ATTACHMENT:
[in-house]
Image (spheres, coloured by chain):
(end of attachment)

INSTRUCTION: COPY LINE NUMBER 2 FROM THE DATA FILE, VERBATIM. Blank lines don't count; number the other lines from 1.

Image (spheres, coloured by chain):